Hmm…. stigmas… I like it that so many stigmas are being challenged these days. And yeah, the mom stigma is ridiculous and so sexist! Regarding mental illness stigma in particular, one I’ve noticed in pop culture is this tendency to overreact if someone’s taking antidepressants. Like, “What?! How can you take crazy-person drugs? Are you insane now, too?” And it’s like, it’s a medication. Just take a deep breath and chill. Lots of people need help with their brain chemistry.

    I watched a Lifetime movie once based on a Nora Roberts book, and the main character was scared out of her mind because she’d been working as a chef when a madman came in and shot up the restaurant. She had horrific PTSD and couldn’t relax anywhere. And as she went on the run to small-town USA, everyone asked her, “Well, you’re not taking meds, are you?” And she replied, “Nope, I’m curing it all on my own,” and I’m like, facepalm. Those meds could help bridge the gap between her period of needing them and then not needing them anymore. Instead, she’s reinforcing her fears every single moment of every day, in the name of being virtuously med-free.

    And then I watched this episode of “48 Hours Mystery” about real-life crime, and there was a young man who I think was in his late teens and struggled with depression and anxiety. His medications barely took the edge off, which made me irate, because he was really unhappy and needed serious help. (I could tell from the videos he filmed.) It’s as if his psych doc didn’t take his concerns seriously and figured that a very lowkey antidepressant would have a powerful placebo effect, or something.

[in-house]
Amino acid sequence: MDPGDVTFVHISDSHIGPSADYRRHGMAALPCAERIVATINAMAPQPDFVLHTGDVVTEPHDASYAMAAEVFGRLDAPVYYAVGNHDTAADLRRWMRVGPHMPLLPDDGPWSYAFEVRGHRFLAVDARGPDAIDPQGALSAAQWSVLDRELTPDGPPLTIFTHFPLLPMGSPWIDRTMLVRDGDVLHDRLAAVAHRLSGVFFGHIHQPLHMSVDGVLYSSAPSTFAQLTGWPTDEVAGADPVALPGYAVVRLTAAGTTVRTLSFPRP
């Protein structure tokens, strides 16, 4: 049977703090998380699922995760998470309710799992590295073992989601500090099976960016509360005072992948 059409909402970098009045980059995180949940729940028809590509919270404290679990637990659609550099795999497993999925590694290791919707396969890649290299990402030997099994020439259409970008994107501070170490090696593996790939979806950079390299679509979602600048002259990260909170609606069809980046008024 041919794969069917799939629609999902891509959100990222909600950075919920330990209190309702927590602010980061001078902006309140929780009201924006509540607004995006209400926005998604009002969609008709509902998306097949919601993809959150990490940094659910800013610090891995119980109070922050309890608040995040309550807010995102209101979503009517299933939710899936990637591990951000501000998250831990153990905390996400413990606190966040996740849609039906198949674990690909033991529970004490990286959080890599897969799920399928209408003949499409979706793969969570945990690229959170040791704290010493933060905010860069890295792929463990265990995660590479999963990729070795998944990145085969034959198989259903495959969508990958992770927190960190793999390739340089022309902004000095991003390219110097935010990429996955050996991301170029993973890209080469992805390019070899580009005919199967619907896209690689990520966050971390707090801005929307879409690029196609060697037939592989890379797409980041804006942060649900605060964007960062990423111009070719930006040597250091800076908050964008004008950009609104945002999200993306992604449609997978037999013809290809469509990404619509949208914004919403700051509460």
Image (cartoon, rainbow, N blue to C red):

And then, he was trying so hard to overcome his issues when a mean girl peer-pressured him into killing himself, hence the crime episode. And while it’s obviously her fault (she walked him through it step by step), I’m also enraged at his psych doc for just shrugging off his problems as “stupid teen issues”. [Facepalm.] So there are some aspects of the mental illness stigma that we should address as a society!

    Liked by 2 people

    1. That’s a very good point about meds and I agree with you. People act like taking antidepressants would actually cause you to become mentally ill rather than treat the mental health issues you’re already dealing with. I can certainly understand people’s very varying views on meds and that people may have their reasons not to go on certain types of medications, like be wary of certain side effects or something but when your quality of life is really low and you’re seriously ill, not taking meds just for the sake of not taking them like that character you mentioned is not something I get.

      Liked by 2 people

  4. I’d say it’s the stigma of human intelligence. I find that once humans find an answer and feel intelligent, their egos come into play and the labeling for all begins. It’s where we lose sight of individual beings, experience of the moment and separate ourselves from nature. Having intelligence seems to make people act like they are closer to being a God and the knowledge that every life is unique and for that being is forgotten. We learn from each other but not all is for all.

    Liked by 3 people